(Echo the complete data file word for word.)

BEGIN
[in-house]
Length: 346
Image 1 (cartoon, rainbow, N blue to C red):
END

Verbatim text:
[in-house]
Length: 346
Image 1 (cartoon, rainbow, N blue to C red):